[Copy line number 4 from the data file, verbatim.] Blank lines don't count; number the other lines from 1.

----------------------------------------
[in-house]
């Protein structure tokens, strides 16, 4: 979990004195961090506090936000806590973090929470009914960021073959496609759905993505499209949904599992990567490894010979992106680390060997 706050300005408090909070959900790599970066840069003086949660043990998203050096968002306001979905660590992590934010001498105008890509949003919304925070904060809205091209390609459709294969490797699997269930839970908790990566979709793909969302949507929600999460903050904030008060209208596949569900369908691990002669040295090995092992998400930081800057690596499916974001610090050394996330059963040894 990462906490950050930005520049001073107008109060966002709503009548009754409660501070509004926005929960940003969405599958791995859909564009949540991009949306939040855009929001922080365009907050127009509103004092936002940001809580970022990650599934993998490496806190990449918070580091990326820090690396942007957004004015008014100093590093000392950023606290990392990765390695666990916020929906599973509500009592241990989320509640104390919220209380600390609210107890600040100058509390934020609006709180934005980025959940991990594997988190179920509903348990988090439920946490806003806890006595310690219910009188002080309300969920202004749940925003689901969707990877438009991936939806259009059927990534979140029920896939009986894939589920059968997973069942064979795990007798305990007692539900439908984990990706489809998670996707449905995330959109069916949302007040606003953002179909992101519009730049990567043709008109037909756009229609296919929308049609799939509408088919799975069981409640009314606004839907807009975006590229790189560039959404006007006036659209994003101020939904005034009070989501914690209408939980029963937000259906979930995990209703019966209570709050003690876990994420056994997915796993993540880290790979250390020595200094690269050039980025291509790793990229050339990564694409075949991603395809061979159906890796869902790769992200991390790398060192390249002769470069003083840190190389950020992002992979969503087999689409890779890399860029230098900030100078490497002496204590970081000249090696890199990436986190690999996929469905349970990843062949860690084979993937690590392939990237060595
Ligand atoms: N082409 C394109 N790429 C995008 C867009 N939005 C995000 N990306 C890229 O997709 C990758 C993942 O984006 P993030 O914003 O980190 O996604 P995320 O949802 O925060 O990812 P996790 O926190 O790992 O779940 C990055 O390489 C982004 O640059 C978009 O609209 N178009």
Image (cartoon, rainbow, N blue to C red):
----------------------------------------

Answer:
Image (cartoon, rainbow, N blue to C red):